“I want to make sure that people take it as it is, as a comical, humorous, satire page with the goal to create positivity for our community. I never want to offend anybody by my posts.”
The challenge of commentating on crashes is one that Alan March, a regular sports commentator at World Para Snow Sports competitions, often comes across. And like Tangled Outriggers, where his commentary is often featured, March does not shy away from strong words.
“It’s about assessing what’s in front of you and reaching into your brain for the right words. A quick mind is the key. Was it at speed? Was it a big smash?” March said.
“I would like to think that an athlete takes any comments I make as honest and a motivation to get it right the next time. Get back on the horse as it were. Many athletes, in a lot of the sports I’ve covered, quote things back to me and I take great pride in the fact they are listening and taking it on board.”
Athletes are not only listening, but also laughing along with the captions and commentary flashbacks on Tangled Outriggers.
“My first reaction to the account was: yay finally!” said Sweden’s standing skier Ebba Aarsjoe who was featured in a post losing a ski on a slalom course with the caption ‘Ebba Aarsjoe re-enacting what every single guy did when they tried to slide into her DMs after her first Para World Cup event’.
“I saw the post about me and laughed,” Aarsjoe said.
“It’s important for able-bodied people to see the actual attitude we non-able-bodied have towards each other and ourselves, that we also laugh and tell jokes about us failing even though we have disabilities, that we are doing the same thing as every athlete out there.”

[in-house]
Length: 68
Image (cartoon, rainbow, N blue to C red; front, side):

Different side of Para sports
The post on Australian skier Patrick Jensen showed him hurtling into the nets during a race with the caption “When Patrick Jensen thinks he has spotted a cute girl watching his run from behind the fencing but hits a bump on his way over to say hello…only to remember that he is visually impaired and it’s only a really good looking snow gun.”
“I’m a huge fan of the page! I think it’s showing the world a different side of Para sports,” Jensen said.
“I can understand why people are going to find some of the content uncomfortable. Some of the videos make me flinch! There are some brutal crashes that make you want to turn away. But being part of it all, I have learned that having an impairment that doesn’t make you soft. Some Para athletes take the hardest falls ever and are back skiing minutes later.”
Helping sports fans to be as comfortable watching crashes involving athletes with impairments as able-bodied skiers is one of the overarching missions for Tangled Outriggers.
“We have this extra attention based on how we move around, how we live our lives, and what we do. There’s some sort of social sympathy that comes with that and people in the able-bodied community have that sympathy when they see someone fall who is already disabled. Society has taught them that you’re not supposed to laugh at a disabled person,” the project’s creator explained.
“I simply want to poke fun and expose who we are and show the world that we are professional athletes and we can joke about ourselves too,” the person behind the Tangled Outriggers concluded.